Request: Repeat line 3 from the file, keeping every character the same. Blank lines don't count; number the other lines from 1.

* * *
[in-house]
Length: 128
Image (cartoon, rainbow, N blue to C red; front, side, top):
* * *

Image (cartoon, rainbow, N blue to C red; front, side, top):